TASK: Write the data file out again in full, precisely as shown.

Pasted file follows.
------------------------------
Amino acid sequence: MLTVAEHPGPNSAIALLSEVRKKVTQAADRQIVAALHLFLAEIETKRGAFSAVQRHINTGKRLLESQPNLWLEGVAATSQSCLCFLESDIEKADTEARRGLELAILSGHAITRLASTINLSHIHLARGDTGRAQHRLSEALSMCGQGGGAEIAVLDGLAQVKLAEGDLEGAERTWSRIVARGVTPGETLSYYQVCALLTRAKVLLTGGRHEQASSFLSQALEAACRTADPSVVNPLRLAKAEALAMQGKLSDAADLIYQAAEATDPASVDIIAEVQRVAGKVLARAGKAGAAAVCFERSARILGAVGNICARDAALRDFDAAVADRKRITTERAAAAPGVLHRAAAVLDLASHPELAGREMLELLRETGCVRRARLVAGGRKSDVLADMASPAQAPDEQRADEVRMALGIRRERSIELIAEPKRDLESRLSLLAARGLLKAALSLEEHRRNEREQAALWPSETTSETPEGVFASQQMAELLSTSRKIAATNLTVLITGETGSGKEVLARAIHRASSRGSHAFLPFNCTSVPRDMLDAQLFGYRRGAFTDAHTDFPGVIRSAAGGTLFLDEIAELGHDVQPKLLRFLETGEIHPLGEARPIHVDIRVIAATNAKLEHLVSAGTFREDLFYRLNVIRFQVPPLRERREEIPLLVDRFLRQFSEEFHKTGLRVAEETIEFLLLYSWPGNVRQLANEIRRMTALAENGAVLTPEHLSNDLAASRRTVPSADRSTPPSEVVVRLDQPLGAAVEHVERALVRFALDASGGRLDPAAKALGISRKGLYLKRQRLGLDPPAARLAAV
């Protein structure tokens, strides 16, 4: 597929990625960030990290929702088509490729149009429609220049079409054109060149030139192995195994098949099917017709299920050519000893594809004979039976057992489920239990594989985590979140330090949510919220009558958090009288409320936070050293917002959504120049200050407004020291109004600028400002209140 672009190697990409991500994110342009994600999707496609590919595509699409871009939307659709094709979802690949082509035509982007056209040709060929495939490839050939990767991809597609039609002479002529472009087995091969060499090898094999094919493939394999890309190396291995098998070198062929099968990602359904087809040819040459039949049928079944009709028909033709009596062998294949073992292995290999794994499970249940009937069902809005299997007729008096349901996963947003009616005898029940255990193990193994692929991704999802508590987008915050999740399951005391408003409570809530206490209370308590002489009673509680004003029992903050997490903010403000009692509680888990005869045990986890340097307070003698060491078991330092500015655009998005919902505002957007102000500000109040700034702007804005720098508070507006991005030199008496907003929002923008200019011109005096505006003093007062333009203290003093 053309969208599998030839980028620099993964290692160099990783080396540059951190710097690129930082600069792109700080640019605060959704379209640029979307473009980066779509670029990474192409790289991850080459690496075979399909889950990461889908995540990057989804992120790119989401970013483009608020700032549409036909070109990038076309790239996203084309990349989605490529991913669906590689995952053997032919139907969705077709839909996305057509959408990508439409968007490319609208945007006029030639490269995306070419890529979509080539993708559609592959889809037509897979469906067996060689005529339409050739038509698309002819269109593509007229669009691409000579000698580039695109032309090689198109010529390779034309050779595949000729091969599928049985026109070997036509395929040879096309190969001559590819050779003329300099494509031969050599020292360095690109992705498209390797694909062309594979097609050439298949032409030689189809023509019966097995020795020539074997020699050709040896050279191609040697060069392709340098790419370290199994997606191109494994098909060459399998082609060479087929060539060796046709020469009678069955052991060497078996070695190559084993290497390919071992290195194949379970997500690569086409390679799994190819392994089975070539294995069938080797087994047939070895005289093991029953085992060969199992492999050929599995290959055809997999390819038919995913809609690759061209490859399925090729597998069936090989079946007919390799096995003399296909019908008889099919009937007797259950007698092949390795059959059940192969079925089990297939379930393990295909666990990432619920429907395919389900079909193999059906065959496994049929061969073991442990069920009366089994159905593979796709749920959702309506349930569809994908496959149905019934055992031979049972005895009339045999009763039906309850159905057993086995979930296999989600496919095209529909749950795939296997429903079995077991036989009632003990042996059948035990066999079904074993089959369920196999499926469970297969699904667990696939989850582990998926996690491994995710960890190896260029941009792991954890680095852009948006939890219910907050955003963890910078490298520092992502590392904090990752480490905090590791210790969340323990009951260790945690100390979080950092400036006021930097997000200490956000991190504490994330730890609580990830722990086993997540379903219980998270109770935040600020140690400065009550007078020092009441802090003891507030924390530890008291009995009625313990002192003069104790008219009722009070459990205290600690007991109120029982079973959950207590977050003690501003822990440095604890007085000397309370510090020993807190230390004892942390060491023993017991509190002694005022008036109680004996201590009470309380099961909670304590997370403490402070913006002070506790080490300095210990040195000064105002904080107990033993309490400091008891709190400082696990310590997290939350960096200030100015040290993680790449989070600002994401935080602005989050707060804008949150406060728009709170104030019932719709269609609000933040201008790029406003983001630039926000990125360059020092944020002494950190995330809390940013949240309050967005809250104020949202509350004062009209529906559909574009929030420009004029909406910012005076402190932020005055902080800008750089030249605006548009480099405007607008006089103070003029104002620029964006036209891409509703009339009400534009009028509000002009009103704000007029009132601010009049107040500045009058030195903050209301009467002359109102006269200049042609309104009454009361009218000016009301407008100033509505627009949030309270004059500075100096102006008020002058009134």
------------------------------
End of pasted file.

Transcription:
Amino acid sequence: MLTVAEHPGPNSAIALLSEVRKKVTQAADRQIVAALHLFLAEIETKRGAFSAVQRHINTGKRLLESQPNLWLEGVAATSQSCLCFLESDIEKADTEARRGLELAILSGHAITRLASTINLSHIHLARGDTGRAQHRLSEALSMCGQGGGAEIAVLDGLAQVKLAEGDLEGAERTWSRIVARGVTPGETLSYYQVCALLTRAKVLLTGGRHEQASSFLSQALEAACRTADPSVVNPLRLAKAEALAMQGKLSDAADLIYQAAEATDPASVDIIAEVQRVAGKVLARAGKAGAAAVCFERSARILGAVGNICARDAALRDFDAAVADRKRITTERAAAAPGVLHRAAAVLDLASHPELAGREMLELLRETGCVRRARLVAGGRKSDVLADMASPAQAPDEQRADEVRMALGIRRERSIELIAEPKRDLESRLSLLAARGLLKAALSLEEHRRNEREQAALWPSETTSETPEGVFASQQMAELLSTSRKIAATNLTVLITGETGSGKEVLARAIHRASSRGSHAFLPFNCTSVPRDMLDAQLFGYRRGAFTDAHTDFPGVIRSAAGGTLFLDEIAELGHDVQPKLLRFLETGEIHPLGEARPIHVDIRVIAATNAKLEHLVSAGTFREDLFYRLNVIRFQVPPLRERREEIPLLVDRFLRQFSEEFHKTGLRVAEETIEFLLLYSWPGNVRQLANEIRRMTALAENGAVLTPEHLSNDLAASRRTVPSADRSTPPSEVVVRLDQPLGAAVEHVERALVRFALDASGGRLDPAAKALGISRKGLYLKRQRLGLDPPAARLAAV
């Protein structure tokens, strides 16, 4: 597929990625960030990290929702088509490729149009429609220049079409054109060149030139192995195994098949099917017709299920050519000893594809004979039976057992489920239990594989985590979140330090949510919220009558958090009288409320936070050293917002959504120049200050407004020291109004600028400002209140 672009190697990409991500994110342009994600999707496609590919595509699409871009939307659709094709979802690949082509035509982007056209040709060929495939490839050939990767991809597609039609002479002529472009087995091969060499090898094999094919493939394999890309190396291995098998070198062929099968990602359904087809040819040459039949049928079944009709028909033709009596062998294949073992292995290999794994499970249940009937069902809005299997007729008096349901996963947003009616005898029940255990193990193994692929991704999802508590987008915050999740399951005391408003409570809530206490209370308590002489009673509680004003029992903050997490903010403000009692509680888990005869045990986890340097307070003698060491078991330092500015655009998005919902505002957007102000500000109040700034702007804005720098508070507006991005030199008496907003929002923008200019011109005096505006003093007062333009203290003093 053309969208599998030839980028620099993964290692160099990783080396540059951190710097690129930082600069792109700080640019605060959704379209640029979307473009980066779509670029990474192409790289991850080459690496075979399909889950990461889908995540990057989804992120790119989401970013483009608020700032549409036909070109990038076309790239996203084309990349989605490529991913669906590689995952053997032919139907969705077709839909996305057509959408990508439409968007490319609208945007006029030639490269995306070419890529979509080539993708559609592959889809037509897979469906067996060689005529339409050739038509698309002819269109593509007229669009691409000579000698580039695109032309090689198109010529390779034309050779595949000729091969599928049985026109070997036509395929040879096309190969001559590819050779003329300099494509031969050599020292360095690109992705498209390797694909062309594979097609050439298949032409030689189809023509019966097995020795020539074997020699050709040896050279191609040697060069392709340098790419370290199994997606191109494994098909060459399998082609060479087929060539060796046709020469009678069955052991060497078996070695190559084993290497390919071992290195194949379970997500690569086409390679799994190819392994089975070539294995069938080797087994047939070895005289093991029953085992060969199992492999050929599995290959055809997999390819038919995913809609690759061209490859399925090729597998069936090989079946007919390799096995003399296909019908008889099919009937007797259950007698092949390795059959059940192969079925089990297939379930393990295909666990990432619920429907395919389900079909193999059906065959496994049929061969073991442990069920009366089994159905593979796709749920959702309506349930569809994908496959149905019934055992031979049972005895009339045999009763039906309850159905057993086995979930296999989600496919095209529909749950795939296997429903079995077991036989009632003990042996059948035990066999079904074993089959369920196999499926469970297969699904667990696939989850582990998926996690491994995710960890190896260029941009792991954890680095852009948006939890219910907050955003963890910078490298520092992502590392904090990752480490905090590791210790969340323990009951260790945690100390979080950092400036006021930097997000200490956000991190504490994330730890609580990830722990086993997540379903219980998270109770935040600020140690400065009550007078020092009441802090003891507030924390530890008291009995009625313990002192003069104790008219009722009070459990205290600690007991109120029982079973959950207590977050003690501003822990440095604890007085000397309370510090020993807190230390004892942390060491023993017991509190002694005022008036109680004996201590009470309380099961909670304590997370403490402070913006002070506790080490300095210990040195000064105002904080107990033993309490400091008891709190400082696990310590997290939350960096200030100015040290993680790449989070600002994401935080602005989050707060804008949150406060728009709170104030019932719709269609609000933040201008790029406003983001630039926000990125360059020092944020002494950190995330809390940013949240309050967005809250104020949202509350004062009209529906559909574009929030420009004029909406910012005076402190932020005055902080800008750089030249605006548009480099405007607008006089103070003029104002620029964006036209891409509703009339009400534009009028509000002009009103704000007029009132601010009049107040500045009058030195903050209301009467002359109102006269200049042609309104009454009361009218000016009301407008100033509505627009949030309270004059500075100096102006008020002058009134």